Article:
USS Leonard Foster Mason DD-852
Rescue of Gemini VIII


Astronauts Neil Armstrong and Dave Scott

Gemini-8 was launched on March 16, 1966 
and made an emergency landing the same day..

The Atlas-Agena target vehicle for the Gemini VIII mission was successfully
launched from KSC Launch Complex 14 at 10 a.m. EST March 16. The Gemini 
VIII spacecraft followed from Launch Complex 19 at 11:41 a.m., with command
pilot Neil A. Armstrong and pilot David R. Scott aboard. The spacecraft and its 
target vehicle rendezvoused and docked, with docking confirmed 6 hours 33 
minutes after the spacecraft was launched. This first successful docking with an
Agena target vehicle was followed by a major space emergency. About 27 minutes
later the spacecraft-Agena combination encountered unexpected roll and yaw 
motion. A stuck thruster on Gemini put the docked assembly into a wild high 
speed gyration. Near structural limits and blackout, Armstrong undocked, figuring
the problem was in the Agena, which only made it worse. The problem arose 
again and when the yaw and roll rates became too high the crew shut the main
Gemini reaction control system down and activated and used both rings of the
reentry control system to reduce the spacecraft rates to zero. This used 75% of 
that system's fuel. Although the crew wanted to press on with the mission and
Scott's planned space walk, ground control ordered an emergency splashdown in 
the western Pacific during the seventh revolution. The spacecraft landed at 10:23
p.m. EST March 16 and Armstrong and Scott were picked up by the destroyer
U.S.S. Mason at 1:37 a.m. EST March 17. Although the flight was cut short by
the incident, one of the primary objectives - rendezvous and docking (the first 
rendezvous of two spacecraft in orbital flight) - was accomplished.

USS Leonard Foster Mason DD-852
to the rescue of Gemini VIII

Neil Armstrong and rescuer


The terse, urgent message that crackled over the headsets of the Manned Space 
Flight Center in Houston, effected the lives of everyone involved in the space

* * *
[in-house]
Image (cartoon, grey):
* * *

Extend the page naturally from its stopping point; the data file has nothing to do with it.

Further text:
flight officially called GTA-8. It meant a capsule was coming down in the Pacific 
almost two days early. It meant, to short an emergency in space.

For Gemini Astronauts Neil Armstrong and David Scott, the message meant they 
were the main characters of a drama of which the world literally was the stage.

For the men aboard the destroyer Leonard F. Mason, on patrol in the Western 
Pacific with the USS George K. Mackenzie, It meant a routine mission had 
become the most important single event in the ship's history.

And for the housewife beside the radio, the executive beside the office TV, and 
the student listening to his transistor, it raised a spectre that has silently been 
haunting anyone who has held his breath as a countdown neared zero-the 
possibility of losing an astronaut on a mission.


These thoughts, and a hundred more, were going through the mind on Cmdr. 
Alan H. Hazen, as he stood on the bridge of the Mason. His ship was turning to 
a heading of 191-degrees and the two screws were starting to turn out 27 knots. Enginemen were firing up his two other boilers. That would bring his flank speed 
up to 32 knots or over. But still, the capsule was down in the ocean over one 
hundred eighty miles away, in an area known as 7/3, a landing area designator 
for the seventh orbit.

Down below, FLEACTS  photographer Charles Stroble, on TAD orders to 
Project Femini, checked his cameras for the hundredth time. He had been out on
Gemini missions before-always considered them something between a routine job 
and a rest. Now, everything was different. In his camera, was film from which 
NASA would learn many things.

In the darkened areas of CIC Chief radarman James B. Flynn, strained his eyes 
at the yellow radar scope. He was an Irishman, and his usual black tie had been 
replaced by a bright green one in observance of St. Patrick's Day.

This was the first time in many months since the ship had made a power run. 
During her last sea trials, she had steamed flank-speed for an hour. Today, she 
would run faster and harder than she had ever run before.

Normally, it takes between two and three hours to fire up a cold boiler and "put 
it on the line" [engage it into the propulsion system]. One hour and thirty-two 
minutes after the call came out,  the Mason slowed to 22 knots to allow the two 
extra boilers to be put into service. It was a record for the engine room.

Noise, a constant visitor in the engine room, took on a new, urgent pitch, and the temperature began climbing from its normal 95-degree to 100... then 
105...110...and finally, 115.

About a hundred miles away, and bobbing in three-foot waves, the prime